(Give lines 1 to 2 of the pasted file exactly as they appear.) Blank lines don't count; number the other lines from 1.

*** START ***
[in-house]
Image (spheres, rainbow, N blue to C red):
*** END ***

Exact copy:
[in-house]
Image (spheres, rainbow, N blue to C red):